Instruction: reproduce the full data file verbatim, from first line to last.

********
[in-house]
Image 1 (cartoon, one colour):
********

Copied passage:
[in-house]
Image 1 (cartoon, one colour):